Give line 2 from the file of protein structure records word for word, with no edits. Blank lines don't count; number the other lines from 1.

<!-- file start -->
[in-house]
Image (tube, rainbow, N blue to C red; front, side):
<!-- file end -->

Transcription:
Image (tube, rainbow, N blue to C red; front, side):